The 'debate' over E15 is showing up in my Inbox with greater frequency these days.
In case you haven't heard, E15 is 85 percent gasoline and 15 percent ethanol. Current EPA rules require refineries to produce E10 as road fuel, and a few years ago the Agency began the rule-making process to change that requirement to E15. (The actual ethanol blend at the pump is determined locally by state government, and the pump must be labled.)
Opposition to this rule comes from a group called the Coordinating Research Council (CRC), which includes, among others, the American Petroleum Institute (API) and eight of the world's largest auto manufacturers.
The EPA is tasked by Congress with protecting air quality, while the CRC can be seen as an industry group dedicated to protecting fuel quality. The EPA says we need E15 to protect air quality and it will not harm engines made since 2007. CRC says E15 may harm fuel systems and all engines, degrade performance and increase emissions. The EPA says CRC testing is designed to support their opposition to the rule, while CRC says the EPA is trying to force approval of E15 before testing is complete.
Here's how I see it: We live in a nation of Political Action Committees (PACs) and partisan media, so it's no surprise this debate has become louder in an election year. The ethanol industry is subsidized by the federal government, and politicians of every stripe stand accused of pandering to voters in corn-producing states.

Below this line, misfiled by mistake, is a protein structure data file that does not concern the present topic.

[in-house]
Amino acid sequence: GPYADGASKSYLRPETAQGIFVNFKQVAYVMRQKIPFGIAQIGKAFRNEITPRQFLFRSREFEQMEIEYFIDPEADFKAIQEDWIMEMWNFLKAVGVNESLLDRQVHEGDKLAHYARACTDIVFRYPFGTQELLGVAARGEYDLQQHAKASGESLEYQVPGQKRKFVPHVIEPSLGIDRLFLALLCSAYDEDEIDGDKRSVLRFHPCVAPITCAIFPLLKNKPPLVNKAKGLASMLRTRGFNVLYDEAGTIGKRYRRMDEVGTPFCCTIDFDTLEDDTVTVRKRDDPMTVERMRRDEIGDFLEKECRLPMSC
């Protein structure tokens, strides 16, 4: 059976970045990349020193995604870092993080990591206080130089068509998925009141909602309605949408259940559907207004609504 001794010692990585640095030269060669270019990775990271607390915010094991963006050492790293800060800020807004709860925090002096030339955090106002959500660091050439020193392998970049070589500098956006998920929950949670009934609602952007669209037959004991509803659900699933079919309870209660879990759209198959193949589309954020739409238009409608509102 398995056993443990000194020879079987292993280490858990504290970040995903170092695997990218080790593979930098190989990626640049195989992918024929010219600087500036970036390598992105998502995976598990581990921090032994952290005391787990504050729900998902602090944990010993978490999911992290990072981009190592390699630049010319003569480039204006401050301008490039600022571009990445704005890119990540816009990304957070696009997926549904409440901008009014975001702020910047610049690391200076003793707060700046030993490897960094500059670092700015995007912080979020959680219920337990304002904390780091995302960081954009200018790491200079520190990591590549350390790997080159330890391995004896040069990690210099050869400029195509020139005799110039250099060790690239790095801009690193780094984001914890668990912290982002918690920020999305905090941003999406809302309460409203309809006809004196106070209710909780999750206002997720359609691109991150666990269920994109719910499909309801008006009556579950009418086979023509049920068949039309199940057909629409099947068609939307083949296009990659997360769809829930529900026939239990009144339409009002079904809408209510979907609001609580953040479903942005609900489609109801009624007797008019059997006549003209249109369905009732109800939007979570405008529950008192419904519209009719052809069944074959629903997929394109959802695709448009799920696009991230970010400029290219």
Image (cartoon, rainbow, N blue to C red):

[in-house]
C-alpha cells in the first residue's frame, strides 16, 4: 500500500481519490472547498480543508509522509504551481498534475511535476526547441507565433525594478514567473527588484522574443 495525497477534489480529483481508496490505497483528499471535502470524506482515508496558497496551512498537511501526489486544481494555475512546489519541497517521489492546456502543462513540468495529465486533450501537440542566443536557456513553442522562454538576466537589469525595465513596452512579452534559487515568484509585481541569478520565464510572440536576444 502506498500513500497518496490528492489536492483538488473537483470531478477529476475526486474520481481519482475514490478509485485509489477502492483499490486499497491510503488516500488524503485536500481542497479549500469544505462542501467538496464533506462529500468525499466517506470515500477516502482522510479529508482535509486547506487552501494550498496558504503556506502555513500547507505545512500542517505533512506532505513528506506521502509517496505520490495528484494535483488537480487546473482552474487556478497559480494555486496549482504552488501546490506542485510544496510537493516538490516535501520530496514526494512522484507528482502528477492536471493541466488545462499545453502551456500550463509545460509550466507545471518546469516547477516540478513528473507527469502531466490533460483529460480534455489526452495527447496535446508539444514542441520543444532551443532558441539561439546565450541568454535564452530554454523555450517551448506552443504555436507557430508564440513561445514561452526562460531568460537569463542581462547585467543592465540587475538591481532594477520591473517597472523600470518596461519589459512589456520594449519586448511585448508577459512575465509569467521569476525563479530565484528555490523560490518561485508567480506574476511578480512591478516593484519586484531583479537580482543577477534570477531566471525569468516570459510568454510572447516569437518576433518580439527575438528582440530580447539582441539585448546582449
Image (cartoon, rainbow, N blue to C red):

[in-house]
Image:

I'm not saying the EPA is a political puppet, but the political pressure can't be denied. The CRC and those they represent are trying to avoid yet another expensive technological adjustment to satisfy government regulations, and as anyone reading this magazine knows, fuel quality has a measurable effect on performance, mileage, emissions and reliability.
My own personal stake in this? I own five fuel systems that would be damaged by too much alcohol in the fuel. How much is too much? I don't know who to trust for the answer, but I worry that I'll find out the hard way.